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Re: HEADERS, FOR whom - any ID?

From: Leif Halvard Silli <lhs@malform.no>
Date: Tue, 07 Aug 2007 04:00:30 +0200
Message-ID: <78526ea84bfc0784fd592415d04aa1d2@10013.local>
To: "Jon Barnett" <jonbarnett@gmail.com>
Cc: public-html@w3.org

On 2007-08-06 14:59:08 -0500 "Jon Barnett" <jonbarnett@gmail.com> wrote:
> On 8/6/07, Jason White <jason@jasonjgw.net> wrote:
>> On Sun, Aug 05, 2007 at 08:32:46PM -0400, Debi Orton wrote:
>>> 
>>> I'd like to see a different tactic in this debate.  Can someone explain
>>> what the downside to including them is?
>> 
>> If I am right, then it would be best to acknowledge, as a consensus 
>> position, that there should be no change in this respect, and leave
>> the discussion there.

I hope this is right.

> The premise in the original post was [...] if there's
> a consensus about label/@for, why doesn't that obviously apply to
> table/@headers?  I can offer a couple reasons for this.

Right. But I think the technical side is clear: it is an identical case. What I am wondering about why there is a different attitude.

> label/@for has use cases that aren't covered by the alternate syntax -

Sure. But why don't you take the stand that have been taken about 'complex tables', that «Thou shall not make complex forms»? Why do you expect that HTML5 should care for you in this?

> Someone might propose an alternative that would simplify
> this if they wanted, where @for contained an XPath:
> for="../following-sibling::dt/input"

Sounds tempting. The <label for="nextIput"> proposal from Craig Francis sounded even better - seems we could learn from the AT browsers there!

> On the other hand, I haven't yet seen a real-world use case where
> @headers is needed in favor of @scope or simple implicit markup, and

The real world use case for most (contact) forms is that they could have been made without for= - were it not for compatibilty issues with some browsers. Should such a thing just be considered a "benefit" of the fact we need for= in other contexts?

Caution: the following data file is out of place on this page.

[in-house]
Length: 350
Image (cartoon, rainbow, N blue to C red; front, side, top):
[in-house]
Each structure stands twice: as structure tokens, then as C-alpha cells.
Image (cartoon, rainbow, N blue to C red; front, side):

> the markup is more difficult for authors: each header needs a unique
> ID and each cell needs to reference one or two of those IDs.  If
> there's a real-world use case where @scope just can't cut it, then it
> shouldn't be an issue.

There are real world cases: Browser compatibilty. (AT browsers - that is.) Plus: why should it be solved with SCOPE? Why is that so good? Ferg (<ferg.org>) claims that HEADERS in connection with the Basic algoritm  is the simplest. And simplisity is a goal, I think?

80% of the use cases/users have mentioned as what we get with SCOPE only, by those that want to go solely for SCOPE, so the issue about documenting the need for HEADERS is over. 

And it is not just SCOPE per se. THe «new SCOPE» were also supposed to get a new algorithm. And for what? To my mind comes an recent e-mail by Henri Sivonen were he explained how important it was to document the need for new things, before having the vendor engineers doing all the work to implement your (wishywashy) features. Then taste your own dogfood:  a) the new thing here is the new (version of the) SCOPE attribute, and b) in this context you are not developers - you are users (unless the GUI vendors decide to support HTML4's proposal about supporting headers in GUI browsers as well). The _developers_ here are the AT browser developers. Which with the formerly proposed solution would a) get fewer tools to work with and b) would have to devote engineering time to implement a new algorithm etc. Why should they sing halleluia for that?
-- 
leif halvard silli
Received on Tuesday, 7 August 2007 02:01:43 UTC

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